Please use this identifier to cite or link to this item: http://hdl.handle.net/2445/60569
Title: Ancient DNA analysis of 8000 B.C. near eastern farmers supports an early neolithic pioneer maritime colonization of Mainland Europe through Cyprus and the Aegean Islands
Author: Fernández Domínguez, Eva
Martínez Pérez-Pérez, Alejandro
Gamba, Cristina
Prats, E.
Cuesta, Pedro
Anfruns, Josep
Molist, Miquel, 1956-
Arroyo-Pardo, Eduardo
Turbón, Daniel
Keywords: Genètica forense
Neolític
Antropologia prehistòrica
ADN mitocondrial
Xipre
Egea (Mar)
Forensic genetics
Neolithic period
Prehistoric anthropology
Mitochondrial DNA
Cyprus
Aegean Sea
Issue Date: 5-Jun-2014
Publisher: Public Library of Science (PLoS)
Abstract: The genetic impact associated to the Neolithic spread in Europe has been widely debated over the last 20 years. Within this context, ancient DNA studies have provided a more reliable picture by directly analyzing the protagonist populations at different regions in Europe. However, the lack of available data from the original Near Eastern farmers has limited the achieved conclusions, preventing the formulation of continental models of Neolithic expansion. Here we address this issue by presenting mitochondrial DNA data of the original Near-Eastern Neolithic communities with the aim of providing the adequate background for the interpretation of Neolithic genetic data from European samples. Sixty-three skeletons from the Pre Pottery Neolithic B (PPNB) sites of Tell Halula, Tell Ramad and Dja'de El Mughara dating between 8,700-6,600 cal. B.C. were analyzed, and 15 validated mitochondrial DNA profiles were recovered. In order to estimate the demographic contribution of the first farmers to both Central European and Western Mediterranean Neolithic cultures, haplotype and haplogroup diversities in the PPNB sample were compared using phylogeographic and population genetic analyses to available ancient DNA data from human remains belonging to the Linearbandkeramik-Alföldi Vonaldiszes Kerámia and Cardial/Epicardial cultures. We also searched for possible signatures of the original Neolithic expansion over the modern Near Eastern and South European genetic pools, and tried to infer possible routes of expansion by comparing the obtained results to a database of 60 modern populations from both regions. Comparisons performed among the 3 ancient datasets allowed us to identify K and N-derived mitochondrial DNA haplogroups as potential markers of the Neolithic expansion, whose genetic signature would have reached both the Iberian coasts and the Central European plain. Moreover, the observed genetic affinities between the PPNB samples and the modern populations of Cyprus and Crete seem to suggest that the Neolithic was first introduced into Europe through pioneer seafaring colonization.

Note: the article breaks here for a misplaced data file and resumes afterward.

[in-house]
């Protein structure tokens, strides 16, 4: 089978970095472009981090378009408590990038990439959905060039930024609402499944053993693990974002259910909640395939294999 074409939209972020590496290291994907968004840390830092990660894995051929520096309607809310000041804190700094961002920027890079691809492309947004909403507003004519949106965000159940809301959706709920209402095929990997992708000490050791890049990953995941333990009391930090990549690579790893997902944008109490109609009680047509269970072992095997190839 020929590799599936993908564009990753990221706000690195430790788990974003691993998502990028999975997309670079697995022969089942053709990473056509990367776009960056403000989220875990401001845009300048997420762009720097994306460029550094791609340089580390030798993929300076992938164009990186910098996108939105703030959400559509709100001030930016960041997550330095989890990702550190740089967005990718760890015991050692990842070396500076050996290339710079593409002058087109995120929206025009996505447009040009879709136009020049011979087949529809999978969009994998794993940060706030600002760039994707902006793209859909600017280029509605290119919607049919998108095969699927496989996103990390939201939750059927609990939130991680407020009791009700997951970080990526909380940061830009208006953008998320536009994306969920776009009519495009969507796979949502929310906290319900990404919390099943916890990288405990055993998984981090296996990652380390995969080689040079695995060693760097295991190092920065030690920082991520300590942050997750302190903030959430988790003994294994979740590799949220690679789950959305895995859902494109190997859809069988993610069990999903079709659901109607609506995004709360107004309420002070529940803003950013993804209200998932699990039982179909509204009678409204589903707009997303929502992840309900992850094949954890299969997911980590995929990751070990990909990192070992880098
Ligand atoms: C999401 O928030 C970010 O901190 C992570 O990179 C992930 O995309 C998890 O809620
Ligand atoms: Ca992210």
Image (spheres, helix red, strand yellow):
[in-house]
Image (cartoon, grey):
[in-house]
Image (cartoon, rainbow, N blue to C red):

Note: Reproducció del document publicat a: http://dx.doi.org/10.1371/journal.pgen.1004401
It is part of: PLoS Genetics, 2014, vol. 10, num. 6, p. e1004401
Related resource: http://dx.doi.org/10.1371/journal.pgen.1004401
URI: http://hdl.handle.net/2445/60569
ISSN: 1553-7390
Appears in Collections:Articles publicats en revistes (Biologia Evolutiva, Ecologia i Ciències Ambientals)

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